The end of the Asian ‘summit season’ brings a big sigh of relief to most participating members. The region appears to have gotten through November without any apparent disasters, leaders managed to agree on statements, and some new initiatives were announced for trade.
Asia Pacific trade
Expansion has been baked into the DNA of the Comprehensive and Progressive Trans-Pacific Partnership. But the ongoing United Kingdom accession has revealed how challenging the process is in practice for the members as other countries have joined the queue.
Countries in the Asia-Pacific are trailblazing innovative and flexible digital trade rules at a time when negotiations in the World Trade Organization advance at snail’s pace – at the risk of creating a confusing new set of overlapping rules.
Former prime minister Boris Johnson’s ebullient promise to conclude at least an interim trade agreement between the United Kingdom and India “by Diwali” has been officially abandoned by the new team in London – just a few days before the Hindu festival begins. Here is where the talks are at.
Speaking to Rob Francis in Brussels during a whistle-stop tour of Europe, Christoph Heider, president of the European Chamber of Commerce in Korea, said that updating the EU-Korea free trade agreement is “not a priority” for the current Korean government.
There is to be no ‘fast-tracking’ of the United Kingdom’s application to join the Comprehensive and Progressive Agreement on Trans-Pacific Partnership.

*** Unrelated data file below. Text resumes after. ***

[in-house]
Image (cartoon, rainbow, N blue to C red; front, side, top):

The European Services Forum’s managing director Pascal Kerneis discussed EU-Singapore trade relations with Iana Dreyer’s Borderlex. So what is at stake with the coming revision of their 2019 free trade agreement and with the planned Digital Partnership Agreement?
Hopes that the United Kingdom will complete its accession to the Comprehensive and Progressive Agreement on Trans-Pacific Partnership by the end of this year are fading, amid indications that the accession talks are progressing less smoothly than had initially been hoped.
Perhaps in the triumph of hope over experience, the EU and Indonesia have recently announced their intention to accelerate progress on their stalled free trade agreement. But political factors and deep-rooted disagreements over the EU’s sustainability and deforestation policies mean that finalising a deal will remain a tall order.
Participants in the Indo-Pacific Economic Framework are holding their first ministerial meeting this week in the United States. Deborah Elms explains what IPEF is all about – and what it isn’t.